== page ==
I'm bipolar. I blog about it. I also blog about sex, theology and atheology, funny shit and sad shit, books, music, feminism, and love. Mostly love.

Sunday, July 8, 2012

Man is made of dreams and bones.

Spirit gnome
And it began. First, with staff training; a well-designed method of the development of chemistry where none should have existed before. The frat-rat and the nerd, the queen bee and the philosophy major.

It began with late nights talking to Sara about finding ourselves, liking ourselves, and overcoming the palpable fear that no one will like the person we find ourselves to be. We talked about the validity of feelings, regardless of their origin--one we still haven't settled, I think. But something I didn't think about until the conversation had passed was that I know that despite the issues I've had with my dad in the past, and despite the pain I feel when I watch as my brother self-destructs... despite all of that, I think my most impressive heartache has come from overcoming a very real self-hatred. Internal battles tend to leave us far more broken than those things that happen to us.
 It began with unshaven legs and accepting that no idol is perfect--except Wonder Woman. I learned lessons. I learned that going without a shower for a while can make you feel human in a way that a civilized kind of life denies me. No one smells good all the time. Everyone farts (although apparently not everyone has the weird urge to smell them even when they don't want to). Girls are just as nasty as boys. Mud pits are the great equalizer. Not everyone can sing well, but absolutely everyone can sing. There are few places safe enough to discover all of this.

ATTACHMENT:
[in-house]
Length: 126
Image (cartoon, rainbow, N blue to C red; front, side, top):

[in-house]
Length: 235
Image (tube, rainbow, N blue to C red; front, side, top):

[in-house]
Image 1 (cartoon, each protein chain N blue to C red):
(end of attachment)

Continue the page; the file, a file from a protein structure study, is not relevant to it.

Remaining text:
Sun hats and our Sunday Best
 It began with tears I never thought I'd be capable of shedding in public. But it wasn't really public, I suppose. Reflections: A loud, a soft, and if my day were a sandwich… I cried for fear and helplessness--feelings I'm not as fond of expressing. And I earned myself a cinnamon roll hug. I felt so naked in chapel that night. I'd gotten lost that day. I was still recovering. But that day proved to me twice over how much my camp family is willing to do for me. Even if they can't understand the heartaches I have, and I cannot comprehend theirs, I know they will catch me if I fall, and I would do the same for them. Although, I know there are people with whom I can express my feelings about those things that have happened to me, and there are a different group of people with whom I can share those things I have done to myself. I learned that these people, of both ends, felt legitimate fear when I was gone for an hour and fifteen minutes--I didn't know I'd meant that much. I am vital there--as vital as anyone else. But without any one of us, this summer would suffer for it. We are one body.
Staff 2012 minus the brilliant Nathan Stewart
 It began with the sweet reminder that a single location can hold magic and comfort in hammocks, cots, cabins, and hills; in the International Birdman Society, EpiPens, slack-jaw-dance, and belly slaps hard enough to make you vomit a little in your mouth. In the sound of a cabin-mate's snores and the smell of Waycross cookies, I find comfort I have yet to recreate elsewhere.
Early Arrivals